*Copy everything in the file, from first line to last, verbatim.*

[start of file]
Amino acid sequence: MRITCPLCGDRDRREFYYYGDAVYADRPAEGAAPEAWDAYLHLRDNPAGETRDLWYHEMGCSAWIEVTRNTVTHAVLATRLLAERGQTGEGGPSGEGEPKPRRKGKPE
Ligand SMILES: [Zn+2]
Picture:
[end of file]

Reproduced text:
Amino acid sequence: MRITCPLCGDRDRREFYYYGDAVYADRPAEGAAPEAWDAYLHLRDNPAGETRDLWYHEMGCSAWIEVTRNTVTHAVLATRLLAERGQTGEGGPSGEGEPKPRRKGKPE
Ligand SMILES: [Zn+2]
Picture: